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API Placement and Availability

Since the SnapEngage code snippet loads asynchronously, there are certain limitations on when you can use, and/or have access to our Javascript API.

Unlike a non-asynchronous include, you cannot be sure that the SnapEngage functions will be available when the document is otherwise ready.

Use our API inside the SnapEngage JavaScript Code Snippet

<!-- begin SnapEngage code -->
<script type="text/javascript">
  (function() {
    var se = document.createElement('script'); se.type = 'text/javascript'; se.async = true;
    se.src = '//';
    var done = false;
    se.onload = se.onreadystatechange = function() {
      if (!done&&(!this.readyState||this.readyState==='loaded'||this.readyState==='complete')) {
        done = true;
        /* Place your SnapEngage JS API code below */
        /* Example JS API: Enable sounds for Visitors. */
        var allow = true;
    var s = document.getElementsByTagName('script')[0]; s.parentNode.insertBefore(se, s);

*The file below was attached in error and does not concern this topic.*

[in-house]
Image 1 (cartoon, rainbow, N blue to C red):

<!-- end SnapEngage code -->

This code snippet has a built in safety net, so to speak, for our Javascript API availability. As long as you place all of your custom Javascript API inside this code block, you can be sure that SnapEngage functions will be available. Be sure to place your function calls after the comment /* Place your SnapEngage JS API code below */.

We recommend that you call API exclusively inside this block. But if you insist on going all cowboy on us...

Using it elsewhere can be tricky

Our chat code is well optimized and loads quickly, but we also defer to your local page first (by design). So if you have a hang or a snag or even just a slow-loading image on your page, it might mean a slight additional delay to the SnapEngage code’s availability.

So what are you to do if you want, say, a hard-coded link on your page that fires onclick="SnapEngage.startLink();" but you want to make sure that function exists before a Visitor clicks it?

One option would be hiding the element until SnapEngage finishes loading, then reveal the element. This is relatively painless to achieve with jQuery or something like it, and only slightly less painless with vanilla Javascript.